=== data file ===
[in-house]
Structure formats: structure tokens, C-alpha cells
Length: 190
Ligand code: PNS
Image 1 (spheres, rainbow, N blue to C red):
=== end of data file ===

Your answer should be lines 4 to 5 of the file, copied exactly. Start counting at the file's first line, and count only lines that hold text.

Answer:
Ligand code: PNS
Image 1 (spheres, rainbow, N blue to C red):